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Rare Books

Firestone Library
One Washington Road
Princeton, NJ 08540
609-258-3184
Acting Associate University Librarian for Rare Books and Special Collections
609-258-3165

Sylvia Beach was proprietor of Shakespeare and Company, the Paris bookshop which was a meeting-point for French, English, Irish and American writers during the 1920's and 1930's.

The separately arranged, classed and catalogued collection includes books and manuscripts by authors such as James Joyce, Gordon Craig, Arthur Symons, Ford Madox Ford, Frank Harris, Norman Douglas, Ivy Litvinov, Richard Aldington, Stuart Gilbert, Cyril Connolly, D.H. Lawrence, Stephen Spender, and Dorothy Richardson. Also French writers Adrienne Monnier, Valéry Larbaud, Léon-Paul Fargue, Jean Schlumberger, Paul Valéry, André Gide, Jules Romains, Jean Giono, André Chamson, Jean Prévost, and Henri Michaux. Many of the books are first editions and are inscribed to Sylvia Beach.

The collection also includes materials on James Joyce, particularly relating to his Shakespeare and Company publications of Ulysses and other writings. Ephemeral pamphlets, magazine publications of the above authors' works are also included in the collection. The collection includes 1615 catalogued volumes.

According to the Wilson Library Bulletin (January, 1965, p. 357), "in 1960, William S. Dix, university librarian, began negotiating with Miss Beach, ... to obtain her collection of manuscripts, inscribed editions, photos, sketches, and memorabilia. Last spring (i.e. spring, 1964), this material was transferred to the University from Miss Beach's Paris apartment where it had been stored since her death in 1962. ... The collection was acquired by the University through the generosity of Graham D. Mattison, and the cooperation of Miss Beach's surviving sister, Mrs. Frederic J.Dennis of Greenwich, Conn." See also the New York Times (Dec. 5, 1964, p. 26) for more details.

For particulars refer to: Howard C. Rice, "The Sylvia Beach Collection" in the Princeton University Library Chronicle XXVI, 1 (Autumn, 1964) pp. 7-13 [ full text]. See also H.C. Rice's "The Sylvia Beach Collection" published in Manuscripts XVIII, 3 (Summer, 1966) pp. 3-8. (This article is a slightly abridged version of the 1964 Princeton University Library Chronicle article.)

See also the Sylvia Beach Papers [(MSS) C0108] and finding aid, which collection is substantially a complete personal archive of Beach. It consists primarily of general correspondence and materials related to the bookshop.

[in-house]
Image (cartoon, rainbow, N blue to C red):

Several expatriate presses operating in France at the time of the beginning of the century are represented in this collection:

 

1. Black Sun Press: an extensive collection of the works published by Harry and Caresse Crosby in Paris. Originally known as the "Editions Narcisse," the press's second name was adopted in 1928.

 

2. Black Manikin Press: several volumes printed at this press in Paris during 1920 and 1930 are included. The press was founded by Edward W. Titus, who edited This Quarter after Ernest Walsh's death.

3. Three Mountains Press (Contact Editions): 33 titles with the imprint of the press. Within this group are titles by Ernest Hemingway, Ezra Pound, Gertrude Stein, and others.

4. Story: a magazine devoted entirely to the short story and printed in Vienna and New York by Whit Burnett and Martha Foley from 1931-53. The hard-to-find mimeographed first number of v. 1 is in the Beach collection.

 

The catalogue of an exhibition held in Paris at Le Centre Culturel Américain has been checked against Princeton holdings. The exhibition was held before the death of Sylvia Beach, and she was, in fact, a major donor for the exhibition. Many of the volumes shown for the exhibition have in the meanwhile come to Princeton via the Beach collection: Les années vingt: les écrivains Américains à Paris et leurs amis. 1920-1930. Exposition du 11 Mars au 25 Avril 1959. (Copy marked with Library's holdings is [(ExB) 04703.247]).

See also: Noel Riley Fitch, Sylvia Beach and the Lost Generation, A History of Literary Paris in the Twenties and Thirties (New York, 1983) [(Ex) Z305.B33 F57 1983].